Title:
Co-Processing of Biomass and Synthetic Polymer Based Materials in a Pyrolysis Conversion Process
Kind Code:
A1


Abstract:
Disclosed is a process for biomass conversion which includes co-processing the biomass with thermoplastic and non-thermoplastic polymer based materials in a catalytic pyrolysis reactor to convert such to liquid hydrocarbons; wherein hydrogen atoms originating with the polymer materials can remove oxygen from oxygenated hydrocarbons produced in the conversion of the biomass in the reactor.



Inventors:
Bartek, Robert (Centennial, CO, US)
Yanik, Steve (Colorado Springs, CO, US)
Application Number:
14/695916
Publication Date:
10/15/2015
Filing Date:
04/24/2015
Assignee:
KIOR, INC.
Primary Class:
Other Classes:
585/240
International Classes:
C10G1/06
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Primary Examiner:
MCCAIG, BRIAN A
Attorney, Agent or Firm:
Dunlap Codding P.C.-KiOR (PO Box 16370 Oklahoma City OK 73113)
Claims:
What is claimed is:

1. A process comprising charging a feed comprising a biomass and a synthetic thermoplastic polymer based material to a reactor for contact with a catalyst and conversion to a product comprising liquid hydrocarbons, wherein the weight ratio of said biomass to said synthetic thermoplastic polymer based material is greater than about 1:4.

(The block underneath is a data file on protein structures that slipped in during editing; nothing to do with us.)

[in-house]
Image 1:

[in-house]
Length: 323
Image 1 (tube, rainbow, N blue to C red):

2. The process of claim 1, wherein hydrogen atoms originating with said synthetic thermoplastic polymer based material remove oxygen from oxygenated hydrocarbons produced in the conversion of said biomass in said reactor.

3. The process of claim 1, wherein the weight ratio of said biomass to said synthetic thermoplastic polymer based material is greater than about 1:2.

4. The process of claim 1, wherein the weight ratio of said biomass to said synthetic thermoplastic polymer based material is greater than about 1:1.

5. The process of claim 1, wherein said reactor is a fluid bed reactor, a moving bed reactor, or a cyclone reactor.

6. The process of claim 1, wherein said reactor is operated at a temperature of from about 150 to about 600° C. and in an oxygen-poor atmosphere.

7. The process of claim 1, wherein said reactor is operated at a temperature of from about 250 to about 550° C. and in an oxygen-poor atmosphere.